Why is accessibility important in your development practices?

August 8, 2017

Last weekend I attended WordCamp Minneapolis / St.Paul with some of my coworkers. One of the presentations I went to was called “Why A11y?” presented by local website accessibility expert Joe Dolson. In his talk Joe went over some of the reasons why accessibility is an important part of any successful development project.

Here are some of the key points I learned from his talk:

1. The laws behind accessibility pertaining to electronic information

Rehabilitation Act of 1973 – Section 504

States that any program receiving federal funds may not discriminate based on disability.

Rehabilitation Act of 1973 – Section 508

Bars the federal government from procuring electronic information technology that is not accessible to people with disabilities.

Americans with Disabilities Act of 1990

  • Does not directly address accessibility of the internet.
  • Title II: “communications with persons with disabilities must be as effective as communication with others”.
  • Title III: Public accommodation of people with disabilities (and the internet is considered “public” domain).

These laws tell designers and developers in some cases they are required to produce products that are accessible. The caveat, however, is that there aren’t clear instructions written within these laws on how to go about being fully compliant with them.

Enforcement of these laws can be difficult, expensive, and irregular. The definitions of website accessibility are not regulated for most types of business. There are also issues when updates to laws do not equal updates to software – so companies could become non-compliant if an update to software doesn’t take accessibility into consideration.

2. The need for accessible software is everywhere

The reaches of needing accessible software goes far beyond just government and school websites. Think about someone searching for a job online who is only able to navigate using two keys on the keyboard. If the job application isn’t accessible they cannot apply for that job.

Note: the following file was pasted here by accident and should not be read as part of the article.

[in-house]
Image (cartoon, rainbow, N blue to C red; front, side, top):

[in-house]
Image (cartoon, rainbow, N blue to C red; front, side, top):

Another example might be the time management software a company uses to track employee’s hours or perhaps the benefits management website the company uses.

Some examples used in schools include:

  • learning software
  • educational games
  • program enrollment and student information management
  • grade reporting and retrieval
  • electronic text books
  • educational videos

In order to function in today’s world there are many, many tools that need to be accessible for someone with a disability to be successful at work, school, and home.

3. What if accessibility isn’t in the contract? What can we do about it?

To put it simply: Accessibility should be fundamental to any software project, not an additional add-on.

Contracts should define what is considered accessible for any given project and there are three levels defined by the Web Content Accessibility Guidelines (WCAG) 2.0.

  • Level A (basic)
  • Level AA (will become the standard in 2018)
  • Level AAA (specialized and difficult to achieve)

As for what we, as developers, can do about creating accessible products? Most importantly we should care. In the end it should matter to you whether or not a the end product you create is accessible.  If you care, you will start to think about accessibility as an integral part of your client contracts from the beginning which will lead to building accessible applications, tools, plugins, and themes.

4. But wait, how do I meet the requirements?

Joe’s talk didn’t get into the weeds of how to meet specific accessibility guidelines, but some of the key things he noted were:

  • Write semantic HTML
  • Use ARIA if you need additional semantics
  • Think about the organization of your page content from a screen reader perspective
  • Features using JavaScript that illicit changes in the DOM need to be conveyed
  • Use image alt tags
  • Keyboard accessibility – you should be able to navigate the entire project using shift and shift + tab (forward and back)
  • Labeling on form fields – when you click on a label make sure you are focused on the correct field

If you are looking for additional guidance on how to make your software or website accessible the How to Meet WCAG 2.0 is an excellent resource.


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